The American Dream and the Untold Story of the Black Women Mathematicians Who Helped Win the Space Race
Margot Lee Shetterly
This book can be downloaded and read in Apple Books on your Mac or iOS device.
The #1 New York Times bestseller
The phenomenal true story of the black female mathematicians at NASA whose calculations helped fuel some of America’s greatest achievements in space. Soon to be a major motion picture starring Taraji P. Henson, Octavia Spencer, Janelle Monae, Kirsten Dunst, and Kevin Costner.
Before John Glenn orbited the earth, or Neil Armstrong walked on the moon, a group of dedicated female mathematicians known as “human computers” used pencils, slide rules and adding machines to calculate the numbers that would launch rockets, and astronauts, into space.
Among these problem-solvers were a group of exceptionally talented African American women, some of the brightest minds of their generation. Originally relegated to teaching math in the South’s segregated public schools, they were called into service during the labor shortages of World War II, when America’s aeronautics industry was in dire need of anyone who had the right stuff. Suddenly, these overlooked math whizzes had a shot at jobs worthy of their skills, and they answered Uncle Sam’s call, moving to Hampton, Virginia and the fascinating, high-energy world of the Langley Memorial Aeronautical Laboratory.
Even as Virginia’s Jim Crow laws required them to be segregated from their white counterparts, the women of Langley’s all-black “West Computing” group helped America achieve one of the things it desired most: a decisive victory over the Soviet Union in the Cold War, and complete domination of the heavens.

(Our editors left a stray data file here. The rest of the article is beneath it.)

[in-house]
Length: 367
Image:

Starting in World War II and moving through to the Cold War, the Civil Rights Movement and the Space Race, Hidden Figures follows the interwoven accounts of Dorothy Vaughan, Mary Jackson, Katherine Johnson and Christine Darden, four African American women who participated in some of NASA’s greatest successes. It chronicles their careers over nearly three decades they faced challenges, forged alliances and used their intellect to change their own lives, and their country’s future.
From Publishers Weekly
© Publishers Weekly
This is the book not the movie!
Unless you read at a higher level then this book might be a hard read for you. It is written by a very intelligent woman. For an intelligent audience. I genuinely enjoyed this book. But I hope people that get it don't think they are buying a novel about these women's lives. It is about their world. Really. The entire world that touches, talks to, brushes by or simply happens near them. I liken it to the many Alan Turing books I've read. It's a ton of info and if your not paying attention you won't realize you read something about the people themselves. Again. I loved the book. I love these complicated books. Everyone else that tells me they read it because they saw me reading it though, also have told me they couldn't finish it because it just wasn't what they were expecting.
Smart Black Women
What an uplifting book. I will read it forever. Have seen the movie at least 50 times. It mesmerizing to see these outstanding women and see the perseverance. What a heroic group of women. I am truly blessed to have read and seen the movie in my lifetime. I wish my mother could have seen it. Thank you for this wonderful piece of work.